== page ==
- The Washington Times - Wednesday, August 27, 2003

Afternoon storms made for a harrowing commute yesterday, as fallen power lines closed the Capital Beltway in both directions, downed trees delayed rail service and more than 150,000 homes and businesses lost power in Maryland, the District and Virginia.

The heavy rains, which were accompanied by strong wind gusts, lightning and penny-size hail, began moving through the region at about 4 p.m.

About 141,000 customers in Maryland and the District were without power at the height of the storm, Pepco officials said. Most of those outages were in Montgomery County. In Northern Virginia, about 50,000 Dominion Virginia Power customers were left in the dark. The biggest concentrations were in Alexandria and Herndon.

Shortly after 5 p.m., Maryland State Police closed the Beltway in both directions near the Greenbelt Metro station because of fallen power lines that electrified guardrails. No one was reported hurt, but the Beltway was closed for nearly an hour as emergency crews shut down power and removed the fallen lines. The lanes were reopened by 6 p.m.

In the District, a massive oak tree about 5 feet in diameter fell on two cars and a home, taking down some power lines with it at Ingomar and 38th streets in Northwest.

“It was a violent shaking, like an earthquake,” said Shaun Snyder, whose home was hit by the tree.

Mr. Snyder, who lives with his mother and stepfather, was alone in the house when the tree hit. “It’s funny, the tree hit the part of the house I’m usually in. Just so happens I was on the other side of the house, looking for flashlights and candles.”

The roots of the fallen tree also hit the family’s van, making it undriveable. “So unfortunately, we got a two-fer,” Mr. Snyder said.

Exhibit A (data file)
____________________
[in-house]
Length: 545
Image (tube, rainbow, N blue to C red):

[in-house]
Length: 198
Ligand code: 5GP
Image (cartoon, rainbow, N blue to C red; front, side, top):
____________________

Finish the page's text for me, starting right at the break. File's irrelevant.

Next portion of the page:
Alan Etter, a spokesman for the D.C. Fire and Emergency Medical Services Department, said one woman was taken to a hospital with minor injuries after a tree fell on her car at 17th Street and Mount Olivet Road NE.

“There were trees and wires down all over the city,” Mr. Etter said. He said rescue crews were “running around like crazy.”

Fire investigators were also trying to determine whether lightning was responsible for a two-alarm fire that broke out in a residence at 19th and Kearney streets NE. One man was in the home at the time, but he was not hurt. Witnesses reported hearing a flash of lightning and a clap of thunder moments before the fire started.

The storms also caused trouble on MARC’s Brunswick Line, where trees fell across the tracks near Germantown. Delays were held to about 20 minutes.

Prince George’s County Fire/EMS spokesman Capt. Chauncey Bowers said there were no injuries reported there, though a collapse crew last night was still inspecting a particularly hard-hit section of Old Bowie to determine whether anyone was trapped in homes or vehicles by fallen trees or power lines.

Capt. Bowers said about 40,000 people lost power in the county.

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